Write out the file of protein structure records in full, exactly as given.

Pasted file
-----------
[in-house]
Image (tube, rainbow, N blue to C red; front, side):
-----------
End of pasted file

[in-house]
Image (tube, rainbow, N blue to C red; front, side):